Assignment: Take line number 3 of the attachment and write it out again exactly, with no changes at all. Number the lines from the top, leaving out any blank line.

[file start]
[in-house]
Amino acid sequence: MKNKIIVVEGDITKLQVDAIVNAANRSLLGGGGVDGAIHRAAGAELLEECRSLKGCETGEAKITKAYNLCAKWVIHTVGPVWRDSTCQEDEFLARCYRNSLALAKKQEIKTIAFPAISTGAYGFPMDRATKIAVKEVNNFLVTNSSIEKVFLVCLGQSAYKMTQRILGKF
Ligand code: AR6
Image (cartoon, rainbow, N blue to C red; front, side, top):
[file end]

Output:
Ligand code: AR6